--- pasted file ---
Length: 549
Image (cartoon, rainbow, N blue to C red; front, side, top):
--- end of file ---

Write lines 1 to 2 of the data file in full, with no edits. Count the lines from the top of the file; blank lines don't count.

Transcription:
Length: 549
Image (cartoon, rainbow, N blue to C red; front, side, top):